Two years later, he wonders where his service went. Where are the differences he was supposed to have made hiding? He’s lived and sweat and tried in another culture. He’s become a stronger, more introspective individual, but what was it all worth? On the darker days, all he sees are the local problems still present. The piles of garbage, the thoughtless littering, the deforestation, the brush fires. In lighter times, he notices, hears, and appreciates all of his Togo life’s beautiful aspects. Everyone’s approachability, the street’s messy rhythm, connections, the joie de vivre. The times where a funeral party and its drums, dancing, and drink never seem to end. Maybe there was a balance, at times unsteady, between what he’s invested and what’s been done? As he prepares to return, he sets aside the search for answers to his service’s questions. He’ll check it like luggage at the airport and mindfully fly to another life.

        More and more during adulthood, his education and experiences seem like resources to mine whenever possible but, also, challenges to mind in life’s journey.  The blend of his past and future courses remains murky in its present form: hermithood, conflict, and assimilation are still equally undesirable. But then, opacity may always be born from such grandiose aspirations. Sometimes, he reasons or bargains with himself, sunset bike rides or an African fête are all one needs to feel like things will be alright. He remains thankful that environmental idealism dies hard, even as ephemeral bliss and recycled stress threaten it so often. 

Monday, June 16, 2014

Composite Afternoon

Tomorrow matters more than yesterday. Nothing new matches a lost horizon’s unfulfilled allure. Be present, be mindful. Reconnect with everything from who you were, recent self irrelevant. Forward. He tells himself to stop. Back and forth, here and there, now and then.  The passed present imperfect: another moment drowning in yesterday’s shadow sea. On his back, on the cold concrete floor of his living room, light shafts peer through the curtains and stop just before his face. Anyone else in the house might think something was wrong; anyone else hasn’t been here in weeks. He exhales and convinces himself to move, meditating feels like nowhere and he can always walk away. Reconcile yourself with yourself and leave, be better than those moments made it seem.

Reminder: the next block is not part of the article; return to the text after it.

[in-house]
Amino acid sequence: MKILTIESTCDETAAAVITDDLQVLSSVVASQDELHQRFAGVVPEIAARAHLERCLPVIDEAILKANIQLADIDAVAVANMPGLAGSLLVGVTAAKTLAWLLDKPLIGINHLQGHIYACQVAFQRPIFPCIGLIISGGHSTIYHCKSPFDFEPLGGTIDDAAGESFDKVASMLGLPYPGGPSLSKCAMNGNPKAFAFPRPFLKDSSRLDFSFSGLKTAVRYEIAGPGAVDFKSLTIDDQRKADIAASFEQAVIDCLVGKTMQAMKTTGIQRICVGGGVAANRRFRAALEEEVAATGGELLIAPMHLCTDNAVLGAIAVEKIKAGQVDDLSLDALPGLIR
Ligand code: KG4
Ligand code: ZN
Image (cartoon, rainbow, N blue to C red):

Relations passed away, and you couldn’t make time for the funerals. Your life had gone in a far, different direction. Attempting sincerity then would have meant more to everyone, including you, now.

Another conversation with family members, another fight over things beyond your control. You don’t call for months and relish how serene your life can be. A pervasive fear of disconnection settles over your time together since.

You told the person you loved never to contact you again. Snowy downtown streets couldn’t keep you from running away, and time hasn’t kept you from turning around. Hurt keeps longer than anger though, and belated apologies are easily ignored.

He won’t let another day disappear prostrate with passed emotions. Healing begins when you step outside, commit yourself to change, and walk towards the renewed you. He recites encouraging mantras but, in that outside, the hot season sun is raging. Drenched in sweat and melancholy on his discolored metal couch, he takes solace in how, despite it all, he’s nearly made it. How he attempted something enormous, and how he will fulfill the commitment he made nearly two years ago. His older emotional baggage hasn't disappeared in that time, if anything it’s been joined by a few onerous new pieces, but he feels so much more adept at carrying it all now. The sun is setting on one of his last days in Africa, and he’s more excited about where his life is going than hung up on where it’s been. So long as he’s mindful of himself and keeps developing, he'll become the better man he dreams of being. 

Saturday, May 31, 2014

Learning the Words